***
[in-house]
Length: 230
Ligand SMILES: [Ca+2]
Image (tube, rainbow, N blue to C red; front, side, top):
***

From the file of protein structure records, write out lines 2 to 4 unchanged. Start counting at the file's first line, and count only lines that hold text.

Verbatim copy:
Length: 230
Ligand SMILES: [Ca+2]
Image (tube, rainbow, N blue to C red; front, side, top):